|Saturday, April 21, 2001||
Malerkotla is one of the oldest princely states in the region, and the tombs of its rulers represent the depth and breadth of the state’s history and culture. These burial places symbolise the values of individuals, communities and the historical periods in which they were constructed. The forms of the memorials are determined by the cultural, artistic and religious sensibilities of the builders, writes Anna B. Bigelow.
memorial has a story. Some tales are known only to a few beloved and
bereaved, and many are lost to time. Others are widely known,
indicating the scope of the deceased’s impact on the living. The
Shahi Maqbara in Malerkotla contains all types of graves — of rulers
and ruled, known and unknown, saints and soldiers. Nearly every nawab
since 1712 and many of their relations are buried in close proximity
to one another in an amazing complex of tombs unlike any other in
As one of the oldest princely states in the region, the tombs of Malerkotla’s rulers represent the depth and breadth of the state’s history and culture. These burial places symbolise the values of individuals, communities and the historical periods in which they were constructed. The forms of the memorials are determined by the cultural, artistic and religious sensibilities of the builders. The Shahi Maqbara in Malerkotla was clearly built under a Mughal influence. In its graceful minarets and domes, we find small echoes of the exquisite tomb of Humayun or the pristine beauty of the Taj Mahal. Although the Malerkotla rulers were linked by blood to the previous dynasty, the Lodhis, these nawabs were laid to rest in imitation of the more elaborate style of Babur’s lineage, during whose time the state reached its apex of power.
Although the most famous tomb of Malerkotla, that of Sufi saint Haider Sheikh, is not there at the maqbara, those of his many descendents are. Sheikh Sadruddin Sadr-i-Jahan, a saint, founded the ruling lineage when he was given a number of villages in this region as a jagir at the time of his marriage to the daughter of Bahlol Lodhi in 1454. The jagir became an independent kingdom, or riyasat, in the mid-17th century when Aurangzeb was favourably impressed by the military service of Bayzid Khan (d. 1657). Local histories also report that Bayzid saved the Emperor’s life by slaying a charging tiger with a single blow of his sword. In appreciation, the jagir became a riyasat and Bayzid was given the title of Nawab and allowed to build a fortified city to protect his family and citizens from the warfare that pervaded the Punjab. According to one source, the nawab summoned a Sufi saint, Shah Fazl Chishti, and a Hindu sadhu, Damodar Das, to place the first stone, thereby founding not only the new city, but also the spirit of secularism and brotherhood that has characterised Malerkotla ever since. Although Bayzid himself is not buried in the maqbara, the only remaining burj, or tower, of the boundary wall he built still stands at one corner of the site. Several locals say that Bayzid is buried in a tomb across the town. This grave is a popular local dargah where residents light chiragh and make offerings every Thursday.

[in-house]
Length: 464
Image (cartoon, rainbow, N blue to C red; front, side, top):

Perhaps it is fitting that the most famous of Malerkotla’s nawabs, Sher Mohammad Khan, is also the first ruler laid to rest here. All Sikhs and most Punjabis know the story of Sher Mohammad Khan’s haa da naara, in which he appealed to Aurangzeb to spare the lives of Guru Gobind Singh’s two young sons when they were captured at Sirhind. He declared that their execution sentence was "absolutely against the dictates of Islam and the laws propounded by the founder of Islam." He went on to declare that if his plea "is deprived of the honour of acceptance, still your Majesty’s humble and devoted servant shall have the consolation of having performed the sacred duty of expressing what was right and just and not having allowed his pen to deviate in the expression of truth." Upon hearing of the martyrdom of his sons, the Guru inquired if anyone had spoken on their behalf. According to the Mahan Kosh, when told that the Nawab of Malerkotla had raised his voice, the Guru blessed the house of the nawab, declaring that its "roots shall remain forever green." This story is the most frequently cited reason for Malerkotla’s history of communal harmony. However, in contrast to his fame, Sher Mohammad Khan’s grave is one of the least ornate ones. It is without a roof. According to some local legends, every effort to build one has failed, in accordance with the nawab’s wishes. Others merely state that as the oldest of the tombs, it has suffered most from the effects of time and weather and vandalism that are taking their slow, inexorable toll on the entire complex.
Walking through the maqbara with Chaudhry Ahmad Shah, one of the principal mutawalis, or overseers of the property, is like walking through Malerkotla’s history. Ahmad Shah’s family has been looking after the site for over 100 years. Their ancestor, a Sufi saint called Ghulam Shah, was given about 100 bighas in waqf, or charitable endowment, by the mother of Nawab Sikander Ali Khan (d. 1871). This nawab’s elaborate tomb stands at the main entrance to the complex. Its interior walls display some of the best-preserved and most delicate examples of decorative paint and plaster work in the complex. His mother, Maher, is buried next to him, between the nawab and his wife. Sikander died childless, and the rulership passed to Ibrahim Ali Khan (d. 1908), the son of a relative, whose tomb is just behind his own.